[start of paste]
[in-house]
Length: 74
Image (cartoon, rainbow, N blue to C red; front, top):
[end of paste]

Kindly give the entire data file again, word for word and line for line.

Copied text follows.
[in-house]
Length: 74
Image (cartoon, rainbow, N blue to C red; front, top):